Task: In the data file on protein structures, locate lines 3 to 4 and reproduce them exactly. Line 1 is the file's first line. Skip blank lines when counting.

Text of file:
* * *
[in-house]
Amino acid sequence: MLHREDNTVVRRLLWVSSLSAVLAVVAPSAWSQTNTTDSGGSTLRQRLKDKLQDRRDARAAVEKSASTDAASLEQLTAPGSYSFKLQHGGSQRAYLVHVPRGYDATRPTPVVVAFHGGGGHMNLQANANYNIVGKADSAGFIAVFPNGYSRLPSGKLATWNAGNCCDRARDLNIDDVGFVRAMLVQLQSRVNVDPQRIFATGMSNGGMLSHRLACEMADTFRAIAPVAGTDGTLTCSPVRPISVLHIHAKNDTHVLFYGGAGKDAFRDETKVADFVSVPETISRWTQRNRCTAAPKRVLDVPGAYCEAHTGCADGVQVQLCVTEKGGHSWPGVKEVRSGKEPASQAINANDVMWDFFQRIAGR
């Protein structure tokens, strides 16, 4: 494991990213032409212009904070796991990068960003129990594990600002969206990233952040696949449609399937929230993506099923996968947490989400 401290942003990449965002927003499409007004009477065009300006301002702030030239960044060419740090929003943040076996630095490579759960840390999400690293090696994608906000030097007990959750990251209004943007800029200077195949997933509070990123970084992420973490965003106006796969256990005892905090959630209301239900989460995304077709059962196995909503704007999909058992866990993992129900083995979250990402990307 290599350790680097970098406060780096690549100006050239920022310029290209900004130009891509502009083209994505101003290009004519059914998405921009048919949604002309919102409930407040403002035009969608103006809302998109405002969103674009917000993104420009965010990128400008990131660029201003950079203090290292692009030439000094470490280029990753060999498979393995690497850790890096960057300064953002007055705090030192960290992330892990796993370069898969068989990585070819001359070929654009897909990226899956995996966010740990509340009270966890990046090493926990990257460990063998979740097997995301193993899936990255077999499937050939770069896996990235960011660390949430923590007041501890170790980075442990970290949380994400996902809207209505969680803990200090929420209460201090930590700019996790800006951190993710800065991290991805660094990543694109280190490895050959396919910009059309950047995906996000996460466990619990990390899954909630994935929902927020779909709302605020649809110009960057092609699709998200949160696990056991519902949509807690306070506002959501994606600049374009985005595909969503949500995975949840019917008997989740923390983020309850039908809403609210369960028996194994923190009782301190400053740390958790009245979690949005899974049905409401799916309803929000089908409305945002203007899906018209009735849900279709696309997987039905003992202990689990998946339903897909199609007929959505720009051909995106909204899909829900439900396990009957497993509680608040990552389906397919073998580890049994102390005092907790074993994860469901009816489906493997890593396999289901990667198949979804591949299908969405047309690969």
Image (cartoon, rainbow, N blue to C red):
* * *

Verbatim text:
């Protein structure tokens, strides 16, 4: 494991990213032409212009904070796991990068960003129990594990600002969206990233952040696949449609399937929230993506099923996968947490989400 401290942003990449965002927003499409007004009477065009300006301002702030030239960044060419740090929003943040076996630095490579759960840390999400690293090696994608906000030097007990959750990251209004943007800029200077195949997933509070990123970084992420973490965003106006796969256990005892905090959630209301239900989460995304077709059962196995909503704007999909058992866990993992129900083995979250990402990307 290599350790680097970098406060780096690549100006050239920022310029290209900004130009891509502009083209994505101003290009004519059914998405921009048919949604002309919102409930407040403002035009969608103006809302998109405002969103674009917000993104420009965010990128400008990131660029201003950079203090290292692009030439000094470490280029990753060999498979393995690497850790890096960057300064953002007055705090030192960290992330892990796993370069898969068989990585070819001359070929654009897909990226899956995996966010740990509340009270966890990046090493926990990257460990063998979740097997995301193993899936990255077999499937050939770069896996990235960011660390949430923590007041501890170790980075442990970290949380994400996902809207209505969680803990200090929420209460201090930590700019996790800006951190993710800065991290991805660094990543694109280190490895050959396919910009059309950047995906996000996460466990619990990390899954909630994935929902927020779909709302605020649809110009960057092609699709998200949160696990056991519902949509807690306070506002959501994606600049374009985005595909969503949500995975949840019917008997989740923390983020309850039908809403609210369960028996194994923190009782301190400053740390958790009245979690949005899974049905409401799916309803929000089908409305945002203007899906018209009735849900279709696309997987039905003992202990689990998946339903897909199609007929959505720009051909995106909204899909829900439900396990009957497993509680608040990552389906397919073998580890049994102390005092907790074993994860469901009816489906493997890593396999289901990667198949979804591949299908969405047309690969």
Image (cartoon, rainbow, N blue to C red):